Supporters rally outside Capitol in support of controversial school choice bill
HB 134 would use tax dollars to help provide scholarships to private schools.
FRANKFORT, Ky. (WDRB) -- Supporters of a controversial school choice bill staged a rally Thursday morning outside the Kentucky State Capitol.
Organizers said as many as 1,000 people, including students bused in from private and parochial schools, gathered to push for passage of HB 134, which would give tax credits for contributions to qualified organizations that grant private school scholarships.
The bill’s sponsor, House Education Chairman Bam Carney (R-Campbellsville), spoke at the rally. He said the bill requires the scholarships to go to low- and middle-income families, students with special needs and those in foster care.
“We want to make sure we targeted students who financially needed that support,” Carney said.
Ann Buchanan, who has two children at St. Margaret Mary Catholic School, was among those who stood in the cold to back the bill.
“Anybody ... regardless of cost, should be able to have a quality education,” she said.
Carney, who is a public school teacher, said the bill is not an attack on public education, as some critics claim
“Our public schools, for the most part, I think are doing a great job," he said. "But it doesn't meet the need for every child."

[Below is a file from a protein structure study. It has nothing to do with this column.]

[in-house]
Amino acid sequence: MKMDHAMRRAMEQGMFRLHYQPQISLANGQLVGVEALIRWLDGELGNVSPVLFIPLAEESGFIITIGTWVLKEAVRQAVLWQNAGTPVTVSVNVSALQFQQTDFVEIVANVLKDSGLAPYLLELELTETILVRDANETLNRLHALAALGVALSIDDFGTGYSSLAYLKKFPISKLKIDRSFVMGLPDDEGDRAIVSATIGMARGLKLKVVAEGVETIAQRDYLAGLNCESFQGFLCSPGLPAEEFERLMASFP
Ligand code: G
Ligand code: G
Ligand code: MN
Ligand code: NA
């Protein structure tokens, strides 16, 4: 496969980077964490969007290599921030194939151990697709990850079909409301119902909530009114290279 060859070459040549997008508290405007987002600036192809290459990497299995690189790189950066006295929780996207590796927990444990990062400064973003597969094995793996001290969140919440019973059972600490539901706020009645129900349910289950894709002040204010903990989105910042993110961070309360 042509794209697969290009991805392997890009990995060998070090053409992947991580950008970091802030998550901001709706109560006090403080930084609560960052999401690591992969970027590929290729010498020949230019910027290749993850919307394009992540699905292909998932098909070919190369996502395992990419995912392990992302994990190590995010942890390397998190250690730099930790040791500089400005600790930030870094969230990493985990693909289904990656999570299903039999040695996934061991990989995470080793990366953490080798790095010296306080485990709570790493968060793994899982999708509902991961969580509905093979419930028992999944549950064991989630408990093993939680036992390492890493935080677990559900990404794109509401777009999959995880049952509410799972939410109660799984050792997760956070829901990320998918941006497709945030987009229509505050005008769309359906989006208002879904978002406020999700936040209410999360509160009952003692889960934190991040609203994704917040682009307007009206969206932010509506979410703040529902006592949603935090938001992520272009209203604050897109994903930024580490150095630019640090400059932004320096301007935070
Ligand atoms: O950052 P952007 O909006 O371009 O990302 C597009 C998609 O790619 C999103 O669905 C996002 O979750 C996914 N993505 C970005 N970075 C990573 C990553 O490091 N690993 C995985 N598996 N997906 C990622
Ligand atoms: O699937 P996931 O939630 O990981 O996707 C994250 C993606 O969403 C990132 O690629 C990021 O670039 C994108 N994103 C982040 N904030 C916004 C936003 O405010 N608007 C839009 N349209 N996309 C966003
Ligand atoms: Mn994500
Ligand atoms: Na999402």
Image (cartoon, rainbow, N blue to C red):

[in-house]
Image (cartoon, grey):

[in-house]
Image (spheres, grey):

Opponents say tax payers should not foot the bill for private education.
Rep. Joni Jenkins (D-Louisville) said the bill would drain funds from the state's coffers at a time when public schools are already being cut.
“We don't have enough revenue in the state as it is,” Jenkins said. “When you are taking, dollar-for-dollar, taxes out of our revenue base, it's just a very dangerous situation, not only for the school systems but for other things the state has to fund.”
Carney promised he will fight to restore public school funding.
“While we're moving that ball forward, we want to provide options for families,” he said.
This is the third time the school choice bill has been proposed. Carney said it does face uphill sledding, even with a Republican House and Senate, and support from Gov. Matt Bevin.
He said school choice could be part of a larger tax reform package.
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